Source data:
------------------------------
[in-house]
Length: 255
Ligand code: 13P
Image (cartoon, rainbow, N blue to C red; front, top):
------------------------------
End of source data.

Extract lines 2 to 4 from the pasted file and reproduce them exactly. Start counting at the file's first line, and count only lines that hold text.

Length: 255
Ligand code: 13P
Image (cartoon, rainbow, N blue to C red; front, top):